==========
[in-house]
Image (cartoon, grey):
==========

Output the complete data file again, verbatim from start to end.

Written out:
[in-house]
Image (cartoon, grey):